One praline, a few pieces of licorice, or similar samples usually undergo pulverization in the CryoMill.
Homogenization of Cookies in the Knife Mill GM 200
The Knife Mill GM 200 was created for the thorough homogenization of samples that have high oil, sugar, water, or fat content. It allows sample volumes of up to 700 ml.
Due to the powerful 1000 W drive, the mill is able to homogenize even difficult samples rapidly and efficiently without any blockages or more than two grinding steps. The pioneering Boost function enables a temporary speed increase to 14,000 minute-1, allowing additional power for the homogenization of difficult samples in a very short time.
The mill can be operated in three different modes. The standard mode enables cutting, the reverse mode achieves impact, and the interval mode provides enhanced sample mixing. This optimizes the homogenization process in terms of material properties.
Up to eight programs can be stored for routine applications. The option to save four program sequences is useful when using two grinding steps, for example, pre-crushing in impact mode, subsequent fine grinding in cutting mode, or if two different speeds are needed. Pulverization of eight large cookies was conducted in two steps.
In the pre-grinding step at 4,000 minute-1, the interval mode was employed for 10 seconds to improve the mixing of the sample. The utilization of the standard lid guarantees that the sample may freely move in the container, decreasing the heat development (and the subsequent release of fat).
In the homogenization step, which requires 35 seconds at 10,000 minute-1, the utilization of the reduction lid 0.5 l is preferred to force the sample toward the blades and improve the grinding efficiency. The complete sample was homogenized to less than 0.5 mm in this manner.
Figure 10. Knife Mill GRINDOMIX GM 200. Image Credit: RETSCH GmbH
Figure 11. Cookies before (left) and after pulverization in the Knife Mill GM 200 (right).
Image Credit: RETSCH GmbH
Homogenization of large sample volumes of cannabis in the Knife Mill GM 300 at the Criminal Investigation Office in Dresden, Germany
In the lab of the Regional Office in Dresden, cannabis plants are initially reduced in size and then undergo extraction of several part samples of the ground material.
The extracts are subsequently analyzed via gas chromatography.
We usually deal with large sample volumes”
Thomas Paulick, Laboratory Manager, Dresden’s Regional Office of Criminal Investigation.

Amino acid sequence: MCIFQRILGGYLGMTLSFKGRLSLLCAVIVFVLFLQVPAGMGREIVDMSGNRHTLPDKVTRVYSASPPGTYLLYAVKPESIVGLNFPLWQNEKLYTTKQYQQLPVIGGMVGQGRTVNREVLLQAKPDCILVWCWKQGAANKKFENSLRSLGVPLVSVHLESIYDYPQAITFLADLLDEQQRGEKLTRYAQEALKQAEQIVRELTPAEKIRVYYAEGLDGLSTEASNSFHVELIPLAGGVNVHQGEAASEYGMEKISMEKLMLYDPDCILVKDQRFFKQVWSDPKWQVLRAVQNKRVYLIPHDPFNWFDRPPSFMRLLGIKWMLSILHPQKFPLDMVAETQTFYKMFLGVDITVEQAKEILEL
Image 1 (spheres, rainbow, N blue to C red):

Thomas further describes, “Therefore, it is essential to extract a representative part from the entire sample amount, to ensure a reliable quantification of the active component. The GM 300 fulfills this requirement: from up to 4 liters of plant material we receive a homogeneous sample from which we can then take approximately 0.5 g for further analyses.”
“We process leaves with remnants of thin twigs as well as highly resinous blossoms without cooling – which is no problem for the knife mill. Grinding time and speed are selected according to the properties of the plant.”
“The closed design and removable grinding container help to reduce the formation of dust during homogenization. To sum it all up, the new GM 300 has proven to be highly suitable for our requirements.”
Image Credit: RETSCH GmbH
With the use of cannabis in the medical sector growing, quality control has become a vital issue. Sample homogenization prior to analysis is a critical step to guarantee meaningful and reliable analysis results.
RETSCH provides a variety of different laboratory mills for efficient, neutral-to-analysis sample preparation, which are highly appropriate for such a task.
Produced from materials originally authored by Dr. Tanja Butt at Retsch GmbH.
About RETSCH GmbH
With more than 100 years of experience in sample preparation, RETSCH is the world’s leading manufacturer of instruments for homogenizing laboratory samples for analysis as well as for analyzing the particle size of solid substances by test sieving.
The RETSCH product portfolio includes a great variety of mills and jaw crushers, capable of reducing materials down to any required fineness, sieve shakers and test sieves as well as assisting technologies to optimize the handling of samples.
RETSCH instruments stand for representative sample preparation in compliance with relevant standards and contamination-free comminution processes – they are essential tools for preparing samples for laboratory analysis and stand for reliability, precision and durability.
Since 1990 RETSCH is part of the continuously growing technology group VERDER and forms the core of the group’s Laboratory Division VERDER SCIENTIFIC. Other companies belonging to this division are Retsch Technology GmbH, ATM GmbH, Eltra GmbH and Carbolite Gero Ltd.